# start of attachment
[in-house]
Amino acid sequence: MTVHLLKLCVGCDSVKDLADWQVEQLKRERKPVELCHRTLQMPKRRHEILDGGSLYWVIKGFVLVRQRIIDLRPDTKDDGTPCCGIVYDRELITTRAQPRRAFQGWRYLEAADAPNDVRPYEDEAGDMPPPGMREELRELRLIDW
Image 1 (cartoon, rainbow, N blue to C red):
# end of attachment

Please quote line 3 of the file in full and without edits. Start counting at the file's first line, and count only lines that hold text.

Image 1 (cartoon, rainbow, N blue to C red):